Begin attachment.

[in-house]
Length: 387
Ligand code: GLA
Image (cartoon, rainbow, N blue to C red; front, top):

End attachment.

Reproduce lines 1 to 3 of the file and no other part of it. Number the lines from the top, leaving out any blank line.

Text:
[in-house]
Length: 387
Ligand code: GLA